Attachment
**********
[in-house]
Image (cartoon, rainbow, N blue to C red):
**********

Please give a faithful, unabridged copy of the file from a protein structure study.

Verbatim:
[in-house]
Image (cartoon, rainbow, N blue to C red):